Effects of Transplantation (VWT)
Training.
All rats readily learned to associate swimming to the platform with escape from water. On average, approximately 200 trials (7 days of training) were required for animals to reach 90% accuracy over 40 trials, and there were no obvious behavioral differences in this ability. Animals performed the task as well for monocular testing as for binocular testing. 
Testing.
Visual acuity of syngeneic and allogeneically transplanted animals was measured binocularly at 16 weeks of age. Mean acuities were 0.62 cyc/deg from animals with syngeneic Schwann cell transplants and 0.52 cyc/deg from animals with allogeneic transplants. When we retested at 24 and 28 weeks, we measured the acuity thresholds from each eye separately. Eyes that received syngeneic transplants had mean acuity of 0.61 cyc/deg (24 weeks) and 0.63 cyc/deg (28 weeks), approximately the same values as measured earlier with both eyes open. Allogeneically transplanted eyes had acuities of 0.49 cyc/deg (24 weeks) and 0.42 cyc/deg (28 weeks), slightly lower than when measured binocularly, possibly because of the effects of age on the degenerating retina. Unoperated eyes from syngeneically transplanted animals had mean acuities of 0.15 at 24 and 28 weeks, whereas unoperated eyes from allogeneically transplanted animals had mean acuities of 0.24 (24 weeks) and 0.2 cyc/deg (28 weeks). ANOVA confirmed that syngeneically transplanted eyes had significantly higher thresholds than allogeneically transplanted eyes (F(1,21) = 9.673; P = 0.0053). When compared with unoperated eyes at 24 and 28 weeks, the allogeneically transplanted eyes were significantly better than unoperated controls (P < 0.001), and syngeneically transplanted eyes were better than all other groups (P = 0.0067). These results also confirm that when making discriminations binocularly in the VWT, rats use the eye with the higher visual acuity.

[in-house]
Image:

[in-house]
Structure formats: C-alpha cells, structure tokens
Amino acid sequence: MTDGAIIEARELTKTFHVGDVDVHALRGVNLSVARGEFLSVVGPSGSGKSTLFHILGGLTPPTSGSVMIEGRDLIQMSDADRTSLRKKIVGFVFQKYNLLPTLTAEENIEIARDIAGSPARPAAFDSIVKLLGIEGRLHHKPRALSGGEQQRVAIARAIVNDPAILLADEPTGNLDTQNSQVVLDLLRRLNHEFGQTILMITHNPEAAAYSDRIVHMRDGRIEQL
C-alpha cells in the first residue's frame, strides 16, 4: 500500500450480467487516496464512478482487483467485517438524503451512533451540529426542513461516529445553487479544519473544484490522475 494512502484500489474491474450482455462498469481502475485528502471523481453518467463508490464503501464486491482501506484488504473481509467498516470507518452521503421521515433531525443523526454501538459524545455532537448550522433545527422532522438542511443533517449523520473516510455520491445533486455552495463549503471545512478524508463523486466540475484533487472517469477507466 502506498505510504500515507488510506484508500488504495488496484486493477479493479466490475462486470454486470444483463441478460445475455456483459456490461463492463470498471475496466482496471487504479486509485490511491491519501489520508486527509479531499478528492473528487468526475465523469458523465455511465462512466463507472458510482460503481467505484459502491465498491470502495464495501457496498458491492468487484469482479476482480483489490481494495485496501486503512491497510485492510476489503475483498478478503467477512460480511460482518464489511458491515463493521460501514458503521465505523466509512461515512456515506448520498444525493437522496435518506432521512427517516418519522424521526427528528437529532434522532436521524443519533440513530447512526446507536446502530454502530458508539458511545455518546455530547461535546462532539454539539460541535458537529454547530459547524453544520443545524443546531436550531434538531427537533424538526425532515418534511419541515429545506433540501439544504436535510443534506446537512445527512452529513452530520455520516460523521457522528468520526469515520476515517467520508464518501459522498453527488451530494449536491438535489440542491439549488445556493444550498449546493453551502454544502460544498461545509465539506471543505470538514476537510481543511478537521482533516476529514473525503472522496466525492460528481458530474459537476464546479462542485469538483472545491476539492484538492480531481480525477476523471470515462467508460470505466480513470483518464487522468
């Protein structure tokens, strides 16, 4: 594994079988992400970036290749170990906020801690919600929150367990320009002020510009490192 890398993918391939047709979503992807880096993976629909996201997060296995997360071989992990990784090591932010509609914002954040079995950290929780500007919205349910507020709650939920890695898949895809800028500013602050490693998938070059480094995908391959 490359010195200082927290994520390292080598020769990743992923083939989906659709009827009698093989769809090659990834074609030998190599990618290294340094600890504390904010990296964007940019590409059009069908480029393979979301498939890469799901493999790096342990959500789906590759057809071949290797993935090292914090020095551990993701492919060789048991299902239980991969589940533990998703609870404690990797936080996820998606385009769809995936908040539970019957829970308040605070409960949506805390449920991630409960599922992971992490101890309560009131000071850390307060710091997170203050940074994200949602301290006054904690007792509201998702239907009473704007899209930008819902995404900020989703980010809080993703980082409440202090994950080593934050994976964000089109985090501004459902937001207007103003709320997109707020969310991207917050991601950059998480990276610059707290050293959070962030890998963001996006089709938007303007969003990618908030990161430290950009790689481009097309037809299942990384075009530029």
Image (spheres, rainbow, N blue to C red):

Discussion
Results of this study show that syngeneic Schwann cell transplantation into the dystrophic RCS rat retina preserves OKR sensitivity and visual acuity and did so without suppression of the host immune system. All animals performed competently in the tasks, indicating that only thresholds and not general behavioral proficiency changed over time or with treatment condition. The ability to measure vision through each eye independently in each task allowed for the effects of transplantation, in a within-animal design, to be evaluated directly. In addition, the measurement of optokinetic and perceptual forms of vision facilitated a more thorough evaluation of the effects of the transplantation.